The Top 25 Club Men’s Players in 2023

The best players in the game right now.

Washington DC Truck Stop’s Christian Boxley. Photo: William “Brody” Brotman —

There’s no shortage of talent in the USA Ultimate Club men’s division. We look a lot at team success, and often see familiar names and faces in those discussions. But who are the best individual players? Who brings the most value to winning a championship? Figuring out which stars shine the brightest is more art than science, but perhaps there’s democratic power in numbers.

So who are the best players in the division right now? To try to clear away as much of the white noise created by circumstance as possible and get to the heart of each individual’s value and contribution, we asked a diverse group of twelve members of our coverage team, as well as an anonymous group of elite players, to weigh in on the following prompt:

If you were starting a club team today with the singular goal of winning a theoretical Club Championship this October, how would you rank the players within the division? You aren’t building a team of all of your selections, so don’t worry about how the players complement each other. Consider each pick the first pick of a team, drafting in order, only you can’t pick the players you’ve already ranked above. All players who were on a 2023 USA Ultimate Club men’s division roster of a team that reached regionals are eligible to be drafted. With regards to injuries an absences, we will include all rostered players unless there is confirmation a player will not be competing, or would not be able to compete, at Nationals.

In order to improve how representative our rankings are of the opinions of our voters, we have iterated until arriving at this process. We each listed out our top 35 players to iron out some of the gradations on the fringes and then combined our lists to create a composite ranking. In addition, we included the ballots of a few anonymous elite players and coaches from different teams and regions. We used a weighted scoring system for votes, with Participants’ Ballots counting as 60% of the value of Staff Ballots.1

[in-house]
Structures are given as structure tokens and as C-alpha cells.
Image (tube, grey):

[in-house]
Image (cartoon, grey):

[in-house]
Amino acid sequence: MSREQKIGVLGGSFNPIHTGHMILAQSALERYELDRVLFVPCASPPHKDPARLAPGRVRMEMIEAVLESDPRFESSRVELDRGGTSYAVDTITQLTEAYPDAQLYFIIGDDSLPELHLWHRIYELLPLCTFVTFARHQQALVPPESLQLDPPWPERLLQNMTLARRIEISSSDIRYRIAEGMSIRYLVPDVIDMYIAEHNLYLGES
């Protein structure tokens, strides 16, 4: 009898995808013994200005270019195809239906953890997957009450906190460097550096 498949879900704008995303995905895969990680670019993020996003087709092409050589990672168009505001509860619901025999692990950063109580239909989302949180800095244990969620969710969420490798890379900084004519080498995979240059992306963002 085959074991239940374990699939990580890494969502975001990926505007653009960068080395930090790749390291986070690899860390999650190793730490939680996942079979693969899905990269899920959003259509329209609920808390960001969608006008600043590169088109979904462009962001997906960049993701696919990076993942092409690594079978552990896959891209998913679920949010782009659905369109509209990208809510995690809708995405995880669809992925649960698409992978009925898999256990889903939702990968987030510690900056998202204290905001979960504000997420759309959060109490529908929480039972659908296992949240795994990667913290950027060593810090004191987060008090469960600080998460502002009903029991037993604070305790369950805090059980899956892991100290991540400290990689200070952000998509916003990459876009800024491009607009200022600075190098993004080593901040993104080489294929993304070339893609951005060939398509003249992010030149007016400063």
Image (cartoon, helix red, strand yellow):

We’ll start with our top 10, and discussion about that group. Then we’ll reveal the entire top 25, followed by the complete ballots, and additional conversations about the rankings.

The Top 10

RkPlayerPts.Staff RankingsParticipant RankingsEdward StephensPat StegemoellerAlex RubinJake ThorneKeith RaynorCharlie EisenhoodMA Participant 1SE Participant 1MA Participant 2SE Participant 2
1Jack Williams13392291832221310
2Christian Boxley13153315427931222
3Joe White13024451324335474
4Chris Kocher128619221111183UR5
5Ben Jagt11386667659104UR58
6Ryan Osgar111451234581162071925
7Quinn Finer10948746121387196229
8Jeff Babbitt1082101UR9324441513
9Nate Goff1057711811109657216UR
10Raphy Hayes1035981137265811161220

[Editor: There are some sorting issues with the table that cannot be altered at the time. Our apologies for the inconvenience.]

Jack Williams (PoNY) narrowly repeated as the #1, but he was joined by Christian Boxley (Truck Stop), Joe White (Machine), and Chris Kocher (PoNY) before there was a bit of a drop to #5. Explain how you rank these four players.

Edward Stephens (Senior Staff Writer):Okay, I’m not going to dive into the Jack Williams thing again this year, except to say that I continue to rank him highly, just not as highly as everybody else. (Which I learned last year — thank you, kind people of the internet — is a cardinal sin.)